Rights vs Duties
When everything is a right, nothing is
Turning and turning in the widening gyre
The falcon cannot hear the falconer;
Things fall apart; the centre cannot hold;
Mere anarchy is loosed upon the world,
The blood-dimmed tide is loosed, and everywhere
The ceremony of innocence is drowned;
The best lack all conviction, while the worst
Are full of passionate intensity.
– William Yeats, The Second Coming
It seems that human history evolves in continuous cycles of birth, growth, decay, and destruction, with the shoot of the next society emerging from the ashes of the last. As western civilization dives deeper into the cycle of decay, the mechanisms of propaganda are in full force, as competing tribes increasingly and blatantly use emotional manipulation to drive the populace in the direction they want. As the volume and vitriol rise, polarization increases until there is no longer a center, and even the possibility of dialog and debate is inconceivable.
In such times, where “rights” are increasingly debated and used as clubs against opposing tribes and viewpoints, I must remind myself that “rights” are a fiction. Regardless of how universal they are touted, rights have no meaning outside of the society that has granted them and that has the means and will to provide and enforce them.
My “rights” to life, liberty, health care, or a universal basic income are meaningless unless some group is willing and able to provide these services or opportunities. An earthquake will not respect my “right” to housing any more than cancer; a mugger, or war will respect my “right” to life. Rights themselves are increasingly being fabricated from thin air and used as weapons, with the “right” to not be offended being used to stifle the “right” of free speech for example.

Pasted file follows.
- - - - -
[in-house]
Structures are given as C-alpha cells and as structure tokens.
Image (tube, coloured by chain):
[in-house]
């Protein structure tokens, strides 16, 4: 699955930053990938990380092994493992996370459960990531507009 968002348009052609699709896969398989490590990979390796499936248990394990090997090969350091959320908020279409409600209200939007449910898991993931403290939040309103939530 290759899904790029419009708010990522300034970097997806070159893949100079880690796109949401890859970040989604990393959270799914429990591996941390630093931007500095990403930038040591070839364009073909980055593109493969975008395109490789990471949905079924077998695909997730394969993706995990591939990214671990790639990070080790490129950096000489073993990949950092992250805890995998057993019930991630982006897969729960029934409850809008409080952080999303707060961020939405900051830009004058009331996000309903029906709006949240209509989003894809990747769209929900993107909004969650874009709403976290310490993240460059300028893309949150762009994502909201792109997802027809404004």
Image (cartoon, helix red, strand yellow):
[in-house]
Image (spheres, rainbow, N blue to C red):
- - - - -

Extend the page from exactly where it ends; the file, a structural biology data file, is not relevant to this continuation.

As societies evolve and decay, the focus seems to shift from fundamental duties toward proliferating rights. As more “rights” are created and promised by those in power, it increasingly distracts individuals from their obligations to perform their fundamental duties for themselves, their families, and their communities and increases their dependence on those who provide these “rights.” As duties are forgotten and rights multiply, the barter and promise of competing rights become the public debate, and the social progress of the society grinds to a halt as real outcomes are replaced by noise and fury.
Instead of reminding individuals of their obligations to provide for themselves and their families, the state promises “rights” of healthcare, housing, jobs, and income, until individuals no longer have the will or knowledge of how to perform their duties if they want to. Thus through small steps and supposed good intentions, free men are transformed into vassals, as their existence is now controlled by the state and can be manipulated by providing and withdrawing those things they no longer have the knowledge or ability to provide for themselves.
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